ZELMA STONE

Zelma Stone’s Dreamland EP emerged from an outpouring of grief. Singer/guitarist Chloe Zelma Studebaker began writing music at age 14 after losing her 19-year-old brother Brett to a tragic car accident. In the decade that followed, Studebaker has experienced the passing of her mother, grandfather, and close friend Jenny in the Oakland Ghost Ship fire. Channelling her feelings of pain into a healing process of creation, this five-song cycle has a palpable sense of resilience, compassion, and vulnerability in its slowly swaying bedroom pop.

A Bay Area native currently living in San Francisco, Studebaker has become an active participant in the region’s music community. The majority of Dreamland was recorded at the storied Tiny Telephone studio with producer Maryam Qudus (Tune-Yards, SASAMI), while its title track was crafted with Carly Bond and Rob Shelton of Oakland band Meernaa. Over the past two years, Zelma Stone has shared stages with acclaimed artists such as Miya Folick, Mal Blum, Lola Kirke, and Laura Viers.

The EP’s first single “Fly”, dedicated to Studebaker’s grandfather, aims to conjure the timeless aura of his favorite songs by Elvis Presley, Patsy Cline, and Doris Day. However, its soft-focus sound infused with twangy slide guitar and tender vocals may also bring to mind contemporary influences such as Big Thief, Amen Dunes, and (Sandy) Alex G. The lyrics of “Dreamland” trace another connection to a lost loved one, switching between the perspectives of Studebaker and her brother. In the melancholy space of her sleeping mind, she wonders what it would be like if he returned today. “Body Talk” is a reminder to slow down and practice self-care, before “We’re All Gonna Die” closes the EP with a stirring, romantic invitation to live each day to the fullest.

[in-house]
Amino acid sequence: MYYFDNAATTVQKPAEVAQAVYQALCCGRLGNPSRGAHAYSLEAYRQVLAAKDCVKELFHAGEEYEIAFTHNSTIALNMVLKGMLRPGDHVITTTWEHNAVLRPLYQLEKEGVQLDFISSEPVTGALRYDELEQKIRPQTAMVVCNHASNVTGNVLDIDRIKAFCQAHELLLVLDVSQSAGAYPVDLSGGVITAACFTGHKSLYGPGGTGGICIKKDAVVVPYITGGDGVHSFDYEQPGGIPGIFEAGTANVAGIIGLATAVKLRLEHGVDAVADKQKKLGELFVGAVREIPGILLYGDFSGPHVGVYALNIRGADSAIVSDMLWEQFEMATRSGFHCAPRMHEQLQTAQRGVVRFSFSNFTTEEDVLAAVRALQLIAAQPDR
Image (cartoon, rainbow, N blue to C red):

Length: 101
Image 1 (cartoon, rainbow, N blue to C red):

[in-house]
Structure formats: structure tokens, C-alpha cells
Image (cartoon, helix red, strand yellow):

“Music has helped me immensely with my grief and got me through a lot,” concludes Studebaker. “Many people in our culture are afraid of death and the unknown. Fear can bubble up inside, so if we don’t talk about it or process it through making art, it’s easy to get overwhelmed. Grief is something you shouldn’t walk away from because it will always follow you. You won’t heal unless you face it.”

Despite the heavy inspiration behind Dreamland, the path ahead for Studebaker looks bright. The EP showcases growth in her songwriting and the most realized vision of Zelma Stone’s sound to date. Studebaker looks to tour with her band throughout 2020, with a follow-up release right around the corner.


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IMAGES: To download, click above. Credit to Allan Wan.

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